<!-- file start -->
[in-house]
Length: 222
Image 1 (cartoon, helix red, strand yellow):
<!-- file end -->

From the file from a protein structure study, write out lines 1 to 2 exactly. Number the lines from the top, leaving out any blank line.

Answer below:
[in-house]
Length: 222